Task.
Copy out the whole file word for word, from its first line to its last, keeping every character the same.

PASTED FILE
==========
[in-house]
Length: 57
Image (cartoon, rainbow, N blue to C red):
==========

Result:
[in-house]
Length: 57
Image (cartoon, rainbow, N blue to C red):